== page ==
Music with a message
Rap Against Dictatorship founder Dechathorn Bamrungmuang opens up about new song against student hazing and the political climate in Thailand
After releasing the viral anti-junta single Prathet Ku Mee (What My Country's Got) two years ago, rap group Rap Against Dictatorship has not ceased to confront the government through their music, including well-known songs like 250 So Plo (250 Bootlickers), Before Darkness and To Whom It May Concern.
With over 12 band members, Rap Against Dictatorship recently released its latest single Sotus, which criticises abuse in universities. Although the band's latest tune doesn't directly attack the government, the song still associates Sotus with the military system.
Sotus is an acronym for Seniority Order Tradition Unity and Spirit, and it refers to hazing arranged by senior students in universities in which freshmen are made to do activities as ordered by their peers. While most seniors usually claim that the hazing ceremony is a tradition which instils a sense of institutional unity among new students, Sotus also reflects on the hierarchy in Thai society which allows seniors to treat their young peers as inferior.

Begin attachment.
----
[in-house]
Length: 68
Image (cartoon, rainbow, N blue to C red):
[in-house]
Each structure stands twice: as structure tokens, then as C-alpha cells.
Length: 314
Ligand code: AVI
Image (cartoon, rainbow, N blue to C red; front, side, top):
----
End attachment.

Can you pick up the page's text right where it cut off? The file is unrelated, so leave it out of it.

One of Rap Against Dictatorship's founders, Dechathorn Bamrungmuang has raised questions about the Sotus system ever since he was a university student. Although he graduated from university almost a decade ago, he noted that many young people still experience the same abuse from seniors today.
"When I was a university student, I created a short movie about Sotus and showed it to freshmen and posted it online. Back then, the video drew a lot of comments and led to debates. Freshmen started thinking that they did not want to go through hazing and senior students were not happy with my action. That happened many years ago, but yet even now, I find Sotus being practised in many schools," Dechathorn said.
The song Sotus tackles hazing in universities. (Photo © www.facebook.com/rapagainstdictatorship)